Important Chinese Art
Important Chinese Art
September 23, 08:35 PM GMT
60,000 - 80,000 USD
A BRONZE-INLAID PEWTER 'ROMANCE OF THE WESTERN CHAMBER' OCTAGONAL VASE AND COVER
MING DYNASTY, DATED SIXTH YEAR OF WANLI PERIOD, CORRESPONDING TO 1578
明萬歷六年（1578年） 錫錯銅鏨西廂記人物故事圖八方蓋瓶 《萬曆六年二月十四日造》《匠人閆通趙子寶二人造》款
the octagonal faceted body rising from a spreading foot to a lipped rim, the body incised and inlaid with eight panels enclosing scenes based on episodes from the Romance of the Western Chamber (Xixiang ji), each depicting figures engaged in various pursuits and accompanied by titles and descriptive couplets, all below a continuous band of ruyi-head lappets to the shoulders, the neck inscribed with Wanli liunian eryue shisiri zao (made on the fourteenth day, second month and the sixth year of the Wanli period) and jiangren Yantong Zhaozibao erren zao (made by artisans Yan Tong and Zhao Zibao), the cover with a large domed knop also divided into eight facets featuring alternating senes of figures and flowers (2)
Height 15⅜ in., 39.1 cm
Widely acknowledged as one of the most popular love stories in Chinese literature, Romance of the Western Chamber first appeared in the Tang dynasty in a short story by Yuan Zhen ‘The Story of Yingying’. It continued to be retold and elaborated upon reaching a more definitive form in the 13th century in the version written by Wang Shifu. The play, set in the Tang dynasty, relates the travails of love that beset a young aristocratic beauty, Yingying, and an aspiring scholar, Zhang Sheng. Contemporary chronicles and imagery produced in different media attest to the play's enduring popularity. Romance of the Western Chamber was so famous that series of woodblock prints were created in the late Ming dynasty reproducing key dramatic moments from the play. These prints proved to be a very useful resource in providing a visual template that allowed artists to more readily satisfy the demand for the subject matter whether destined for the imperial household or for mass consumption.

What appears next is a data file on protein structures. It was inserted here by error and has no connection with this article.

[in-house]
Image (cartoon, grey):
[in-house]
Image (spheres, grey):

The present vase illustrates several scenes based on the woodblock prints. Among the scenes depicted are, 'Zhang Departs for the Capital' when the lovers sorrowfully part as the young scholar sets out to take the imperial examinations; and 'Zhang Sheng visiting Pujiu Temple' depicting Zhang Sheng being shown around the monastery by the abbot but distracted by the beautiful Cui Yingying who strolls in the garden with her attendant Hong Niang.
Compare an octagonal pewter covered vase depicting scenes of pavilions and figures in gardens with inscription dated to the Jiajing period, sold three times in these rooms, first, 9th October 1957, lot 194; second, 5th December 1972, lot 210, and then again, 2nd November 1979, lot 105.
Scenes from the play are often illustrated in porcelain, see a large cylindrical vase depicting twenty-four scenes from the drama in the Victoria and Albert Museum, London, illustrated in Stacey Pierson, Chinese Ceramics, London, 2009, pl. 95.